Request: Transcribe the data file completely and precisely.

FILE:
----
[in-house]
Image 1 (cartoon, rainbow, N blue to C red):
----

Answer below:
[in-house]
Image 1 (cartoon, rainbow, N blue to C red):